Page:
The Special Needs Jungle website has a detailed guide to the individual consultation questions and the issues you might want to think about when deciding how to answer these. 

How IPSEA is responding 

We will be submitting a detailed response to the questions we think are most relevant to our areas of expertise. 

We will also be sending the Department for Education a supplementary paper setting out our concerns about the direction the SEND Review has taken – highlighting in particular the risk that children and young people will lose some of their rights to special educational provision and support that meets their needs. 

We welcome several aspects of the green paper, specifically:

  • A national template for EHC plans.
  • The continuation of extended powers for the SEND Tribunal to make recommendations on health and social care needs and provision as well as education.
  • The proposal to put SEN Support in schools on a statutory footing for children who do not need an EHC plan but do need extra provision and support. This could be achieved by amending the Children and Families Act 2014.

 However, we are concerned that:

  • The Government is trying to solve the wrong problem. The problem is not that children and young people with SEND are receiving expensive provision that they don’t need, but that too many children and young people aren’t receiving the support that they do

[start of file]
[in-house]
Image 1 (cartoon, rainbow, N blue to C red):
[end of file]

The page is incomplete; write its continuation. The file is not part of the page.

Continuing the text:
• The Government is proposing to change the law rather than making sure that local authorities and schools follow the existing law. Variations between areas in the support that children and young people receive is not because the law isn’t clear, but because it isn’t followed. 
  • The lack of accountability in the system is being overlooked. The law on supporting children and young people with SEND is routinely disregarded, and there are no consequences for this. The onus is on families to know, understand and enforce their children’s legal rights. 
  • The system for supporting children and young people will become more complex. New legislation will be needed to create statutory national standards. It is not clear where these standards would fit into the system, what they would replace, and how they would be enforced.